A billboard went up recently in Times Square featuring Larry David as Lady Liberty. But the grimace he sports suggests an affinity not for the "tired and poor" as much as for the plain-old sick and tired.
"Curb Your Enthusiasm," David's often painfully hilarious comedy of (bad) manners, is set to return Sunday for a new season that’s also a homecoming of sorts. About half of the episodes are set in New York, which has always been a key character in Brooklyn-reared David's work, from "Seinfeld" to "Curb," even if most of the filming took place in Los Angeles.
David's (hopefully) exaggerated version of himself is out of place in Hollywood, which is a big part of the joke on “Curb.” We suspect, though, his comedy of confrontation will only grow exponentially in a place filled with similarly minded folks who also tend to over analyze ordinary interactions and say whatever they’re thinking.
We're thrilled - and just a little surprised - that David is returning for an eighth season of his HBO show, especially since it will be hard to top last season’s "Seinfeld" non-reunion reunion story arc. Truth be told, though, we were thinking much the same after Season 4, which featured Mel Brooks in a storyline that brought Larry to Broadway for a disastrous run in "The Producers."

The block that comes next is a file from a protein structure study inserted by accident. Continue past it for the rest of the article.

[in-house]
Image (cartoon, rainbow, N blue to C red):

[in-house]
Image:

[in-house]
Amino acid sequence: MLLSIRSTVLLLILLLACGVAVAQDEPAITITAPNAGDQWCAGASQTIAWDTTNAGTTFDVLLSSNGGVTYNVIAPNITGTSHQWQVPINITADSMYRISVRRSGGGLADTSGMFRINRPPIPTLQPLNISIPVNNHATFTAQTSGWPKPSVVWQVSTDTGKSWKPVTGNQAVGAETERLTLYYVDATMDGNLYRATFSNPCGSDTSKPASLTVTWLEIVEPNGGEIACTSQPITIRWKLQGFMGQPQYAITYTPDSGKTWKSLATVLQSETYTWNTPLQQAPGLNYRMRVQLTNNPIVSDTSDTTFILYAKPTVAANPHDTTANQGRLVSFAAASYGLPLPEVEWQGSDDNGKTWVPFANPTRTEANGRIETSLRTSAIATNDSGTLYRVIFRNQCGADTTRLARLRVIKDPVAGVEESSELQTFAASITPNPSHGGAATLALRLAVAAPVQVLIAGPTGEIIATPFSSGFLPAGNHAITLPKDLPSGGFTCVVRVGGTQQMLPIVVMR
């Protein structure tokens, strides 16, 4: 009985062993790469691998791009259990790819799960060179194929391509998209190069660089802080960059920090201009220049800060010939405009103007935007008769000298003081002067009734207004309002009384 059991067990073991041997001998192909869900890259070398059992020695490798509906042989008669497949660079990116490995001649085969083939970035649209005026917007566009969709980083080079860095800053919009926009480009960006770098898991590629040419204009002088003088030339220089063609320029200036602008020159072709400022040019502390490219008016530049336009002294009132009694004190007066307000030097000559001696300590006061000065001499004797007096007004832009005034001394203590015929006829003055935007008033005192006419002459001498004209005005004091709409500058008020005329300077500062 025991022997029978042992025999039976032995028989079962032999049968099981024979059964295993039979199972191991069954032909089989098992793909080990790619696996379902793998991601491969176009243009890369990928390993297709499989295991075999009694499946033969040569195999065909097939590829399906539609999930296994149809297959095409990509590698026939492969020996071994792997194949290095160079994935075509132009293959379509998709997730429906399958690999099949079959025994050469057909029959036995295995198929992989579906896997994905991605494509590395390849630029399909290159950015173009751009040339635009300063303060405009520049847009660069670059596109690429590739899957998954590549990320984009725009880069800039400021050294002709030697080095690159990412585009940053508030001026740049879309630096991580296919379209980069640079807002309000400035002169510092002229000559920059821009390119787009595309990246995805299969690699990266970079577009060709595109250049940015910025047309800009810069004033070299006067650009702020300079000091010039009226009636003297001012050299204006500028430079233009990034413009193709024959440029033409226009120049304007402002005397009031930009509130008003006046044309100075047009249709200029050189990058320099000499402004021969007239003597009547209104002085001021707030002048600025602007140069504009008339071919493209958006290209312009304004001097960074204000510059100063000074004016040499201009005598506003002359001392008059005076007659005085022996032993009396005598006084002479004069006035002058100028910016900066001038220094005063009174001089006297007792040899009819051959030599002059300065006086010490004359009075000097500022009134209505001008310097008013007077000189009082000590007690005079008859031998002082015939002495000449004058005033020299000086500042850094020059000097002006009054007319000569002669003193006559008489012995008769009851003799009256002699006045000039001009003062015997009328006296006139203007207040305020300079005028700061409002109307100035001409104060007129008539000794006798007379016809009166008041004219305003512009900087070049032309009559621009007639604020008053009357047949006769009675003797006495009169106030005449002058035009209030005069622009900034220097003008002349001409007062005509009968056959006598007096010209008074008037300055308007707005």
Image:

So forgive us for having high hopes for perhaps TV’s biggest pessimist (we’d put him in the same cloud of gloom as Louis CK). There’s much to look forward to: Larry’s new battles with Rosie O'Donnell (their restaurant-check wrestling match proved a highlight last season), him literally butting up against Michael J. Fox ("I suppose that was Parkinson's, too?") and clashes with fellow master practitioner of the comedy of the uncomfortable, Ricky Gervais.
David, clearly, is not everybody's cup of bile, and as much as we missed him, it’s probably not a bad thing that 20 months have passed since our last new serving. We suspect that censored episodes of "Curb" now in syndication have increased the thirst for his brand of humor, even if he'll never achieve the icon status of "Seinfeld" – and certainly not that of the Statue of Liberty.
We're just happy to watch another season of him making others – and ultimately himself – unhappy. Check out the preview below for a taste of Larry David's bitter New York state of mind:
Jerry Seinfeld and Larry David on Recreating "Seinfeld"
Hester is founding director of the award-winning, multi-media NYCity News Service at the City University of New York Graduate School of Journalism. He is the former City Editor of the New York Daily News, where he started as a reporter in 1992. Follow him on Twitter.